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City files suit against homeowner over short-term rentals

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The city of Charleston has filed suit against the owner of 4 Atlantic St. in downtown Charleston alleging the homeowner violated the city’s short-term rental zoning ordinance, court documents show.

Under current law, short-term rentals are allowed only in an overlay zone within the Cannonborough-Elliotborough neighborhood. The city does now allow short-term rentals — defined as rentals of fewer than 30 days — elsewhere in the city.

The home in question sits near White Point Garden, in the South of Broad neighborhood. The city filed suit against Putters Investments LLC, the Illinois-based owner listed on county GIS records, in the Court of Common Pleas for Charleston County.

“The city is seeking a declaratory judgment that the site is being used as an illegal short-term rental, along with an injunction to prevent any further unlawful use of the property,” city spokesman Jack O’Toole said in a news release.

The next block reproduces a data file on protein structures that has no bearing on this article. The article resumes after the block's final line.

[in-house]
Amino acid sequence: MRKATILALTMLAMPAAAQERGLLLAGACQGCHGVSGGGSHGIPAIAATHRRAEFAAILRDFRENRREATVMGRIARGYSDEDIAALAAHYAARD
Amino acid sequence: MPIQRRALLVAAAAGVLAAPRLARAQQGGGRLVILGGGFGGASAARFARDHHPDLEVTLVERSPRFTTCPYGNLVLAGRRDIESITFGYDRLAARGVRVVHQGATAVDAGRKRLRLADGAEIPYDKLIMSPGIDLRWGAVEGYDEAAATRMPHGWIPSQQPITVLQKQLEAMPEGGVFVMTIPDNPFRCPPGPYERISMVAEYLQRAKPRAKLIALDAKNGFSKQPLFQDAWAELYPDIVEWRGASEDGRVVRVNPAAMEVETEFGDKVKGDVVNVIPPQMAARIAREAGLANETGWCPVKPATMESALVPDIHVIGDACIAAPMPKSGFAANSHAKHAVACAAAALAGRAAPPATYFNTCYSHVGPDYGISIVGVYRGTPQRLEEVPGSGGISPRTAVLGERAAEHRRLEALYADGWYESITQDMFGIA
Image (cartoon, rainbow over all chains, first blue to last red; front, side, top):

The home has been rented from January through May, according to court documents. Affidavits from several neighbors said many renters use the house for all-night parties, causing noise, light and litter issues in the neighborhood, documents show.

The lawsuit states that the owner’s violation of the short-term rental zoning ordinance “erodes the general culture of the surrounding residential neighborhood by substituting relatively permanent residents who share a vested interest in maintaining community relationships, with transient guests who do not.”

The debate about whether to legalize short-term rentals in Charleston has endured for several years as sites like Airbnb, VRBO or HomeAway have risen in popularity. More than 300 homes the Charleston area are currently listed on Airbnb, despite the practice being illegal in the city. Some short-term rental hosts have been sued by other entities or fined by the city.

The city created an 18-member task force last summer to study the issues and concerns surrounding regulation of short-term rentals.

Proponents say homeowners have the right to use their homes as they wish, and many residents have said they need the extra income in a city with a rising cost of living and stagnant wages. Many Airbnb hosts in Charleston have said their experiences with renters have been positive.

Opponents say it could hurt the booming hotel and tourist industry or hinder neighborhood quality of life with noisy or disrespectful renters. Others say homes should not operate as hotels.

The committee will eventually make a recommendation to Charleston City Council, which will then vote on the legality of short-term rentals in Charleston.

Reach Liz Segrist at 843-849-3119.

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